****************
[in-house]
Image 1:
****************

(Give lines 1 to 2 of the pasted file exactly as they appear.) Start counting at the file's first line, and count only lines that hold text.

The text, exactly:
[in-house]
Image 1: